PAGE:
Today FM News has learned the Taoiseach's department has set up a group to examine the risk to the democratic process posed by online ads.

It follows Google and Facebook's full and partial bans on advertising relating to the abortion referendum.

The Gardai, Defence Forces and Standards In Public Office are among the bodies involved in the Interdepartmental Group on the Security of the Electoral Process.

Several government departments, including the Departments of Justice and Communications, are also involved in examining what measures are needed to prevent outside interference in our elections and referendums.

It follows Facebook's banning of abortion campaign ads by foreign groups, and Google's total embargo on ads relating to the referendum.

Adverts are regulated by the Advertising Standards Authority of Ireland, the Broadcasting Authority of Ireland and the consumer watchdog, the CCPC. However their remits do not cover political ads.

A spokesperson for the Communications Minister says Denis Naughten notes this week's announcement by Facebook and Goolge.

"(The Interdepartmental group) is examining risks and mitigation measures required to underpin the integrity of the electoral process and political advertising is relevant in this context... Its work is underway and already making rapid progress. The outcome of that process will inform next steps."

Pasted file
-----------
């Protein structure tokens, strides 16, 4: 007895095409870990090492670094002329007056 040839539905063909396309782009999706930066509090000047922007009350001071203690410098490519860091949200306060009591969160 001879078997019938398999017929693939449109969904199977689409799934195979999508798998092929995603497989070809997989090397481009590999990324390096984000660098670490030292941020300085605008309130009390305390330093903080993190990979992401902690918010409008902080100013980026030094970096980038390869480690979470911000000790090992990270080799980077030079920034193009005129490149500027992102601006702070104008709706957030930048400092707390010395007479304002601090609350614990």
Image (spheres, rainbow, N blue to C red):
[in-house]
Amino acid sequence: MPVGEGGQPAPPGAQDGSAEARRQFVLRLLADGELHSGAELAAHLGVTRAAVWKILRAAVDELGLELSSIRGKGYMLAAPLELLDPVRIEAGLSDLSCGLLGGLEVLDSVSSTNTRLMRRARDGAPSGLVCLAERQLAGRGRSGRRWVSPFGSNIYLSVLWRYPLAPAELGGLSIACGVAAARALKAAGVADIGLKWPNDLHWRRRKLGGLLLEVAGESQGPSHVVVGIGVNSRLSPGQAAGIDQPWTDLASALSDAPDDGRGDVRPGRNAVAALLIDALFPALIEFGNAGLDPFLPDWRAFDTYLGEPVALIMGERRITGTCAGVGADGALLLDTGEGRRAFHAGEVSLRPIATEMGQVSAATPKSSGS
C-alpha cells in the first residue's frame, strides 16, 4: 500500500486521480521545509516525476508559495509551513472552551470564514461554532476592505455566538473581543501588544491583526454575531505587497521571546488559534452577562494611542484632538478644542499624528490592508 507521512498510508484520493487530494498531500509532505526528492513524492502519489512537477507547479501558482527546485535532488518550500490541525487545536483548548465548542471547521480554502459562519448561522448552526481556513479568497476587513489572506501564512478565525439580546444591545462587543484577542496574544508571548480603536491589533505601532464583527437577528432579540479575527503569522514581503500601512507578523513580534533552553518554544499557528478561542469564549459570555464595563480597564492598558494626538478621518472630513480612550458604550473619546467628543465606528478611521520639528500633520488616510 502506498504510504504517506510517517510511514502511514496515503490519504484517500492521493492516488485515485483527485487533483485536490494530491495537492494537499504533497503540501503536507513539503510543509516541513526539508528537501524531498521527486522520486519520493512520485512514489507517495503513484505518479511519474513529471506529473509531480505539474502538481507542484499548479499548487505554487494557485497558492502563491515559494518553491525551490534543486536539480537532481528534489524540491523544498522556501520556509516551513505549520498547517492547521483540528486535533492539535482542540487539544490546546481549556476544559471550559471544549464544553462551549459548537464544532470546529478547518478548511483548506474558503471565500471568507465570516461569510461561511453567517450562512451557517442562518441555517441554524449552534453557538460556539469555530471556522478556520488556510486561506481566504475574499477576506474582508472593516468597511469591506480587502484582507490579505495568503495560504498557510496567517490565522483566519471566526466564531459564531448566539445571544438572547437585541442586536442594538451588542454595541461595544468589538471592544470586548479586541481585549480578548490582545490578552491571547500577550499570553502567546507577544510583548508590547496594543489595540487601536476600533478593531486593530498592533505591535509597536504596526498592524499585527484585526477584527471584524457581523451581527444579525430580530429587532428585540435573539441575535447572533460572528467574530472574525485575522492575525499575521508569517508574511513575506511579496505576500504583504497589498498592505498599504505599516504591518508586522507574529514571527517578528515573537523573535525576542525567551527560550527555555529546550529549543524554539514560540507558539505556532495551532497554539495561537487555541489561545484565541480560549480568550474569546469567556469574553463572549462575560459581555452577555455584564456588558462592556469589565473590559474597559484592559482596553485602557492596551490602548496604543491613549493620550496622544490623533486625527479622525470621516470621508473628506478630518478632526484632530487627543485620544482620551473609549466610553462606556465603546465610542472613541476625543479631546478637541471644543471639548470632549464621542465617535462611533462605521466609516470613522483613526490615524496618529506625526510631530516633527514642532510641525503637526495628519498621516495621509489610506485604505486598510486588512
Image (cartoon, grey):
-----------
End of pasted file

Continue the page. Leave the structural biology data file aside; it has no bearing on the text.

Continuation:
Tech Expert Jess Kelly welcomes the move but wonders whether if the panel has the knowledge and expertise to really get to the heart of the problem. 

"If you look at what Facebook has done in the last week; they've banned ads that are funded from abroad in relation to the 8th referendum from appearing on the platform. But that doesn't ensure that every single ad that appears now is 100% transparent or honest. Even if you go on Facebook today you'll notice anonymous ads are still appearing."

Jess claims the government will really have to ask itself whether or not it's happy to allow the tech giants to self regulate.

"For a long time people were of the opinion that you can't police the internet. But Google and Facebook have shown us this week that they can police it by just the flick of a switch... Do we want laws to try and compel them?"